— Well then, maybe I am a cliché – and it is too late.   Maybe that’s the joke – and it’s on me.  Wait.  Wait a minute, he said and paused.  I – ambeing – tested.  Aren’t I?  Yes.  You’re testing me.  I think yes.  Is that why you called?  Wanna see if I’m still here for you.  Talk about clichés.  That’s why you called. You’re not sure where we are. Me.  Where I am.  Must be serious.  And there’s a change – something’s coming.  Some change. Something’s in the air and you reached out.  That’s it.  It is.  Isn’t it?  Maybe something already happened.  Something big.  Love shattered?  A disappointment.  There’s been a disappointment, yes – and you can’t write it off as all good, like you used to say.  It’s got to be big.  Yes, something’s happened.  What?  Tell me.  What do you need?  This is how it always goes for us, right?  Doesn’t it?

— Okay.  Okay.  It’s on me.  I know.  It’s on me.  I’ll take the chance.  I’ll leap.  That’s what you want.  I hear you.  I’ll take responsibility.  But you can’t say you’re a cliché.   I won’t accept that.  You’re not a cliché.  You’re not.  Far from it.  Don’t be ridiculous. You mean a lot to me – to a lot of people, I said to him.

Then I hesitated, unsure whether to say what I wanted to say, why I called him, after all.  There was a long silence – and I just said it:  I need you.   As soon as I said it I regretted it but I kept on.  I was already in. I was in the moment I got his number from Boston.  I was in when I called him.  Shit, I’d been in for awhile.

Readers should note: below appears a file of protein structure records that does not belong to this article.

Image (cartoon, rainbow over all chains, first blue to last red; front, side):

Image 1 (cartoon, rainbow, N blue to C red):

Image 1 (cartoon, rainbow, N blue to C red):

I breathed deeply a couple of times, and nervously just put it out there quickly: Are you busy?  Can I see you?  I asked and dropped my head, letting its weight dangle it there over my chest as if I’d given out.  I shut my eyes and waited.  I waited for the cold, sharp blade to drop on my neck.

My anxiety thickened – and he let it.

—  Are you ignoring me?

He didn’t respond.  I inhaled, not wanting to look up, even though we weren’t visible to each other – I shut off the broadcast just as I called him and I leaned on my picture window, full of anxiety, and whispered facetime off  because I didn’t want him to see me like that.   He’d sense my despair.  That’s what he’s really good at sniffing out.  Despair.  We met at precisely the moment I was falling and spinning out between reason and chaos – and I didn’t know which was which.    I sat hunched over in his seminar on punishment, my thick, black uncombed hair around my face covering my eyes.  I was disconsolate.  Didn’t know where I was and what I was doing.  More importantly, I didn’t know what I was going to do with myself – and I didn’t know who to turn to.  You might say that this is expected of any second year university student, particularly if she is surrounded by classic “A” personality types with their lives totally visible in front of them.  Mine was not.  I was lost.  I can’t even tell you why I took his class – maybe it was the rumor mill we students create and someone told me, oh yeah, take him, he’s interesting.  And I did, not knowing what else to take.   I just didn’t care.  I hardly looked at him when he lectured.  And he pointed to me one day at the end of class and said, softly, simply, See me. Just like that.  See me.  That was that.  It began then, the spring of my sophomore year.  See me.  I saw him alright.

I circled my Tribeca studio.

— Are you busy? I asked again.  Can I see you?  What else do you want me to say?  Can I see you?  That’s what I want.  I want to see you.

A hard rain began knocking against my window.

— Why are you not responding?  Why are you doing this?   I need to see you.  Okay?  I need to.  I need … What more do you want?  You know my history.  Why are you doing this?  I can’t make it up to you, all of it.  All this time.  Okay?  What else can I say?  I can’t – but I want to see you still.  I’ve never known you to be cruel like this.  What?